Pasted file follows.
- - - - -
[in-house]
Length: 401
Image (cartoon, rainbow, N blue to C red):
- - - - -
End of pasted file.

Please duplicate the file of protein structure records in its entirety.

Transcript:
[in-house]
Length: 401
Image (cartoon, rainbow, N blue to C red):